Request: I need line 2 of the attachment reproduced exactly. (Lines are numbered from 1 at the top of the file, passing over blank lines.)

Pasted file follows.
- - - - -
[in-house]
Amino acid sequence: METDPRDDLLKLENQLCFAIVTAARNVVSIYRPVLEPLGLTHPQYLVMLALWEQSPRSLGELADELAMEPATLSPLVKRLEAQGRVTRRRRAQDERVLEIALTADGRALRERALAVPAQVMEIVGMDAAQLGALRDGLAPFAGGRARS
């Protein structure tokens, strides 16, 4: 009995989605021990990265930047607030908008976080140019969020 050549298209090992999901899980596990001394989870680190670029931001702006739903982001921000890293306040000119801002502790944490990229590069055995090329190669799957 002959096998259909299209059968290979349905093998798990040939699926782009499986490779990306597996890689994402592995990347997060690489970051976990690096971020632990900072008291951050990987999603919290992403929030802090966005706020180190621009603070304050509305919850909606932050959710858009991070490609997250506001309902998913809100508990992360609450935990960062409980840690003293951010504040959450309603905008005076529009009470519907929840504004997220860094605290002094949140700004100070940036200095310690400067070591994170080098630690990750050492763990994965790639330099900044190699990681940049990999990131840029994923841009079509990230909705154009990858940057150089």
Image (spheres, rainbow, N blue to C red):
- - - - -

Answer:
Amino acid sequence: METDPRDDLLKLENQLCFAIVTAARNVVSIYRPVLEPLGLTHPQYLVMLALWEQSPRSLGELADELAMEPATLSPLVKRLEAQGRVTRRRRAQDERVLEIALTADGRALRERALAVPAQVMEIVGMDAAQLGALRDGLAPFAGGRARS